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Random Ramblings of a Platform Architect

Creating and using Self Signed Certificates for use with Azure Service Management API

 

To successfully use the service management API which is needed to able to manage   Azure applications  via Cloud Storage Studio ,  csmanage or the Powershell  mgt tools you will need a self signed certificate and will need both the .pfx and the .cer  forms for reliable behavior.

pfx, - This is a PKCS #12 container files, DER encoded. They
contain not only certificates, but also private keys in encrypted form.

 

cer - this is an X.509 certificate in binary form, DER encoded.

 

The safest way to create the certificate is via the makecert tool which is part of the windows SDK:

The command to create a usable certificate is of the form:

 

"c:\Program Files\Microsoft SDKs\Windows\v6.0A\bin\makecert" -r -pe -a sha1 -n "CN=Windows Azure Authentication Certificate" -ss My -len 2048 -sp "Microsoft Enhanced RSA and AES Cryptographic Provider" -sy 24 GMTestcert01.cer

Make sure you know what folder you ran this from

This will create a certificate that is stored in your personal store

 

 

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The Azure portal requires a CER which must be uploaded

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So you will need to import the .cer created via the makecert tool earlier.

At this stage you and you alone can connect to your hosted services using any of the tools that make use of the service management API.

 

To use the Powershell Mgt cmdlets  for example to stop a currently running deployment in staging, and to deploy a new one you will need the Thumbprint of the certificate with the spaces removed. Highlighted in yellow in the example script shown

image

 

Example Powershell script to deploy to Staging:

****************************************

#Set-ExecutionPolicy Unrestricted

#Add-PSSnapin AzureManagementToolsSnapIn

Get-HostedServices -subscriptionId xxxxx-yyyy-gggg-aaaa-55581  -certificate (get-item cert:\CurrentUser\MY\1299D9E16451533CFB8CB6940635ED803AFBB8E2) | where {$_.ServiceName -eq "DEMO"} | Get-Deployment staging

Set-DeploymentStatus -subscriptionId xxxxx-yyyy-gggg-aaaa-55581  -certificate (get-item cert:\CurrentUser\MY\1299D9E16451533CFB8CB6940635ED803AFBB8E2) -ServiceName app1 -slot staging  -status suspended

Set-Deployment -subscriptionId xxxxx-yyyy-gggg-aaaa-55581  -certificate (get-item cert:\CurrentUser\MY\1299D9E16451533CFB8CB6940635ED803AFBB8E2) -ServiceName app1 -slot staging -package https://DEMO.blob.core.windows.net/configuration/SimpleTableSample.cspkg  -configuration D:\Projects\TestProjects\SimpleTableSample\bin\Release\Publish\ServiceConfiguration.cscfg  -label pwshellDeploy1

#Set-Deployment -subscriptionId xxxxx-yyyy-gggg-aaaa-55581  -certificate (get-item cert:\CurrentUser\MY\1299D9E16451533CFB8CB6940635ED803AFBB8E2) -ServiceName app1 -slot staging -package https://DEMO.blob.core.windows.net/configuration/SimpleTableSample.cspkg -configuration https://DEMO.blob.core.windows.net/configuration/ServiceConfiguration.cscfg -label pwshellDeploy1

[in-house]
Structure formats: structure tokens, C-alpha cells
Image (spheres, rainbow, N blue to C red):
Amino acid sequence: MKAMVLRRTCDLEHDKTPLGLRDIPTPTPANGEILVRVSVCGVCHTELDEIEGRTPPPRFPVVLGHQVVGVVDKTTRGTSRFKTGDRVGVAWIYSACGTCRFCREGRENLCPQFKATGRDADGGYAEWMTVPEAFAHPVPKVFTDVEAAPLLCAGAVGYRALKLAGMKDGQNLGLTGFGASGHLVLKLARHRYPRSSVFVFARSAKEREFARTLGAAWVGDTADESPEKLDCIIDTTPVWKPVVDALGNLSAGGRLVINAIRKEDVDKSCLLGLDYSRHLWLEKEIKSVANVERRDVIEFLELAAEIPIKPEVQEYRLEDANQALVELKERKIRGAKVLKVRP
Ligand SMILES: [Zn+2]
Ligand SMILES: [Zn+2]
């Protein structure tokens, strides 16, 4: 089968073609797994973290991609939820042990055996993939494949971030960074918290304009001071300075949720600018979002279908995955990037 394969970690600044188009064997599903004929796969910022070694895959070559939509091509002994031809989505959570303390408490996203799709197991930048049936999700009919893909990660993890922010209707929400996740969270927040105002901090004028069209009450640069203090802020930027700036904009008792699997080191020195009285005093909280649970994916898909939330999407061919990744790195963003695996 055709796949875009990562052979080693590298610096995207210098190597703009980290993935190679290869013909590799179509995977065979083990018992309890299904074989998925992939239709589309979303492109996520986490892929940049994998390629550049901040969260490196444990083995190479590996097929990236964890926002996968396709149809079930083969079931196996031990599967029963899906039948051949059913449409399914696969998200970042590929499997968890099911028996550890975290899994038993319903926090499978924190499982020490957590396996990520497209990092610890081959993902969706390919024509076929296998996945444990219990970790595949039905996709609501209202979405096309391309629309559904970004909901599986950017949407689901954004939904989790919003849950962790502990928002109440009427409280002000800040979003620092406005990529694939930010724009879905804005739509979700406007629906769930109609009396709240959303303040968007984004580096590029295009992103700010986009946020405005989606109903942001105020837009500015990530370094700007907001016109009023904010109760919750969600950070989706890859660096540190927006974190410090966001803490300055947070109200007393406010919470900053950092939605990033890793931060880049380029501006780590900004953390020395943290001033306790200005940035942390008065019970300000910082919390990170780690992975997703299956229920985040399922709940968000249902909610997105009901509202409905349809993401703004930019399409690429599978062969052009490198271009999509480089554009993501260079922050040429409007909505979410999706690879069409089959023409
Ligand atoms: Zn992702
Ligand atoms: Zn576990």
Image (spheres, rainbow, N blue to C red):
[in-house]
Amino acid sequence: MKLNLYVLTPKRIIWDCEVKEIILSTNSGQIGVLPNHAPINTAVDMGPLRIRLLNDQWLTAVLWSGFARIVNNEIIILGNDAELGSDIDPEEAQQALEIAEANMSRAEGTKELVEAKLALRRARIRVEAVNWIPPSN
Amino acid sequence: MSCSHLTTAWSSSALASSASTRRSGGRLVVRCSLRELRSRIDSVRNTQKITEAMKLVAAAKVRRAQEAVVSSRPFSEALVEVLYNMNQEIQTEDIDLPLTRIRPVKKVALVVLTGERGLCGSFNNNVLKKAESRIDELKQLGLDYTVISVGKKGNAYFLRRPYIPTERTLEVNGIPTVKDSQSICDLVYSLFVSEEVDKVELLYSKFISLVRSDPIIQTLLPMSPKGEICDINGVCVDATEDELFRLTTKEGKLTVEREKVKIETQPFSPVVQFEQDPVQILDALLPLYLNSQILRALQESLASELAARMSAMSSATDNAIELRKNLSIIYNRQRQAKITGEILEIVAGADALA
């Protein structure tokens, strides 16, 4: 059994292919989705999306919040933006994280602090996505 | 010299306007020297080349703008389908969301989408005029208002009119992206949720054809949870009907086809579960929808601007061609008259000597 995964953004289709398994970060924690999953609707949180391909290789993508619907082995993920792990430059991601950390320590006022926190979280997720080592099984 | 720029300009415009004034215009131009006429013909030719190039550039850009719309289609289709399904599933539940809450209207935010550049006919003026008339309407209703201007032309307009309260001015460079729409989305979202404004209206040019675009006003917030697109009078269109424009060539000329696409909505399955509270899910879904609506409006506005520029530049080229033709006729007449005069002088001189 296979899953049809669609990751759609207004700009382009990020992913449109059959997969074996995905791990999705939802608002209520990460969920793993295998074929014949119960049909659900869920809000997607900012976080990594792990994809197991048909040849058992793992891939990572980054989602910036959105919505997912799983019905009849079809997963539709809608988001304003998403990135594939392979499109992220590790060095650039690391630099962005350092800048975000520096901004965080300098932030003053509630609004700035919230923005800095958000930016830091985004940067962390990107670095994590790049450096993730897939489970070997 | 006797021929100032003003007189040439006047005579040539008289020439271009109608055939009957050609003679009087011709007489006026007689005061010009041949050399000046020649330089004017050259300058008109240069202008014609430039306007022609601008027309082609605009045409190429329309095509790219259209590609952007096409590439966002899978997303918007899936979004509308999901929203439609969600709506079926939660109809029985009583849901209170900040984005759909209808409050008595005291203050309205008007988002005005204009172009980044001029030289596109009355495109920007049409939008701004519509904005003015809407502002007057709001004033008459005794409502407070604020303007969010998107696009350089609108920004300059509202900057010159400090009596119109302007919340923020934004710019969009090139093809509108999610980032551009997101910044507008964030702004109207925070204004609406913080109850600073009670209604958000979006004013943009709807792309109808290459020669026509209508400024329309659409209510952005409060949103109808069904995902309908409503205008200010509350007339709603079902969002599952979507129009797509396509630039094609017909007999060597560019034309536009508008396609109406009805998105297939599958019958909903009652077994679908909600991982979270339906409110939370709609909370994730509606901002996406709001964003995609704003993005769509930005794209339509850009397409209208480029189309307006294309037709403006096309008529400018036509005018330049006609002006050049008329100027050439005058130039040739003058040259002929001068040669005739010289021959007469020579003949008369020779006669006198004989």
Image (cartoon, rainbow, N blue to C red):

Set-DeploymentStatus -subscriptionId xxxxx-yyyy-gggg-aaaa-55581  -certificate (get-item cert:\CurrentUser\MY\1299D9E16451533CFB8CB6940635ED803AFBB8E2) -ServiceName app1 -slot staging  -status running

*****************************************************

 

For team development all the team need to either use their own certificate which is then uploaded onto Azure or to use the certificate you have generated.

For the team to use the certificate you generated you  need to supply them with copies of the certificate in both forms . The .cer has already been created in the folder where you ran the makecert command earlier

To create the pfx you need to export it from your personal store. When exporting to create the .pfx make sure the private key is exported.

image

 Keep the defaults

image

Ensure you remember the password as you will need to inform the team what this is as they will need it when they import it into their local store.

 

You can also export the cer  via this tool if you wanted to . To create the .cer do NOT export the private key

image

Keep the Defaults

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Ideally the team members should use the certmgr tool to import the .pfx  locally on their machines they will be prompted for the password . If they do not have this then they will need to point to the .cer locally .

Below is a screenshot from  Cloud Storage Studio whch points to the local  certificate store

 

image

NOTE it has been noticeably more stable using the personal certificate store than just using a .cer stored on the local disk

If the certificate appears to expire it is suggested that the team member imports the .pfx  certificate into their local certificate store.

 

 

 

 

 

 

 

 

 

Published Friday, February 19, 2010 10:25 PM by Grace.Mollison

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About Grace.Mollison

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